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How can the Monk Skin Tone (MST) Scale help improve technologies?

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To improve technology’s ability to recognize a broader spectrum of skin tones, and to reduce biases that are inadvertently built into algorithms, Harvard University sociologist Dr. Ellis Monk created a 10-shade scale. Via The Harvard Gazette, the Monk Skin Tone (MST) Scale “is already making an impact.”

“It has been incorporated in Google’s online image searches and photo filters. The innovation will be particularly important for training artificial intelligence and machine learning applications, such as facial recognition and self-driving vehicle systems, which often have not performed as well with people with darker skin tones. And it could help reduce or eliminate some unintended algorithm bias in search engines and other products.”

Reducing bias in the tech industry
And Google has open-sourced the MST Scale so that any tech company can create more inclusive products. In an interview with Chicago’s WGN, Monk explains:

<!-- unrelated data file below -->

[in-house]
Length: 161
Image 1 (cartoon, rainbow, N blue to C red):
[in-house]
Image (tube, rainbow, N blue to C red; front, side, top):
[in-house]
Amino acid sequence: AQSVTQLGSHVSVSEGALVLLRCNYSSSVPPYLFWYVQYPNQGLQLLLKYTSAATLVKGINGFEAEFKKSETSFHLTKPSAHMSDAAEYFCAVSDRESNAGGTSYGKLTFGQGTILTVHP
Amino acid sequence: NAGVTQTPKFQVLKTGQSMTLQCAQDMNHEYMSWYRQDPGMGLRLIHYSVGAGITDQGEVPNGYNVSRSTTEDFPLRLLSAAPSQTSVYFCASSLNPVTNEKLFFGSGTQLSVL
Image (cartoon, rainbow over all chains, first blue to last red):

“There’s a lot of technology out here that uses different forms of computer vision. Anything that uses some kind of a sensor—like a hand sanitizer, like air dryers you see in a bathroom, self-driving cars—and if this technology does not use a scale… was not built with the intention to work well across the entire skin tone continuum, then we’ll have a lot of problems with these technologies not working well for everyone in society…”

monk skin tone

“We have to think about who was in the room when some of these forms of technology were designed. And, unfortunately, for most of the history in Silicon Valley, those rooms haven’t necessarily been that diverse, right? So when these forms of technology are designed and when they’re tested, some of these forms of technology we’re not really designed and tested to work well for everyone in society.”

ways that tech has failed people with darker skin tones
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